National Labor Relations Board, Petitioner-appellee, v. North Bay Plumbing, Inc.; Patrick Pettit; Elmer Leepettit; David A. Adams, Respondents-appellants, 102 F.3d 1005 (9th Cir. 1996)Annotate this Case
Mark R. Thierman, Thierman Law Firm, San Francisco, CA, for respondents-appellants.
Margery E. Lieber, National Labor Relations Board, Washington, DC, for petitioner-appellee.
Appeal from the United States District Court for the Eastern District of California, Edward J. Garcia, District Judge, Presiding. D.C. No. CV-95-01225-EJG.
Before: FLETCHER, FARRIS and TASHIMA, Circuit Judges.
FARRIS, Circuit Judge:
North Bay Plumbing appeals the district court's order enforcing investigative subpoenas issued by the National Labor Relations Board. We have jurisdiction under 28 U.S.C. § 1291. We affirm.
On May 6, 1994, eight union plumbers applied for jobs with North Bay Plumbing. The plumbers wore union caps and indicated their union affiliation on their applications. North Bay's superintendent explained to the plumbers that North Bay needed plumbers quickly, and that the matter would be referred to the company's general superintendent. None of the plumbers was contacted for interviews.
Plumbers and Steamfitters, Local 343, filed a complaint with the National Labor Relations Board alleging an unfair labor practice. The Board's Regional Director, through Board attorney Paula Paley, investigated the charge.
At Ms. Paley's request, the Board issued several investigative subpoenas. The subpoenas required North Bay's custodian of records to testify and produce: (1) North Bay's rules and policies governing applications for employment since April 1, 1994; (2) the names, addresses, and telephone numbers of all persons applying for jobs as plumbers since April 1, 1994 and their job applications; (3) the names, addresses, and telephone numbers of all plumbers interviewed since April 1, 1994; and (4) the names, addresses, and telephone numbers of all plumbers hired since May 1, 1994 and their job applications. The subpoenas also required three North Bay officers to appear and testify.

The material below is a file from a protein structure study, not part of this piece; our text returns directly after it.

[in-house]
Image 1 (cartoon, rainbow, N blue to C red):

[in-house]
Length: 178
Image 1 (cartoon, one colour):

North Bay petitioned the Board to revoke the subpoenas. The petition was denied. North Bay nevertheless failed to comply, and noticed eight depositions of its own.
Pursuant to 29 U.S.C. § 161(2), the Board sought enforcement of its subpoenas in district court. The Board also requested the court to quash the depositions noticed by North Bay. A magistrate judge recommended that the Board's subpoenas be enforced and that North Bay's depositions be quashed. The district court adopted the magistrate's findings and recommendations. North Bay's motions for stay pending appeal, both in the district court and in this Court, were denied.
North Bay argues that: (1) the Board does not have the power to issue pre-complaint subpoenas, and by doing so is engaging in impermissible pre-trial discovery; (2) the Board does not have any regulations addressing the issuance of such subpoenas, and their use in the absence of such regulations violates the Administrative Procedure Act; (3) the subpoenas are overly broad and unduly burdensome; and (4) the use of the subpoenas violates due process.
STANDARD OF REVIEW
We review de novo a district court's decision regarding enforcement of an agency subpoena. Reich v. Montana Sulphur & Chemical Co., 32 F.3d 440, 443 (9th Cir. 1994), cert. denied, --- U.S. ----, 115 S. Ct. 1355, 131 L. Ed. 2d 213 (1995).
The scope of our inquiry in an agency subpoena enforcement proceeding is narrow. E.E.O.C. v. Children's Hospital Medical Center of Northern California, 719 F.2d 1426, 1428 (9th Cir. 1983) (en banc). "The critical questions are: (1) whether Congress has granted the authority to investigate; (2) whether procedural requirements have been followed; and (3) whether the evidence is relevant and material to the investigation." Id. (citations omitted). If the agency establishes these factors, "the subpoena should be enforced unless the party being investigated proves the inquiry is unreasonable because it is overbroad or unduly burdensome." Id. (citations omitted).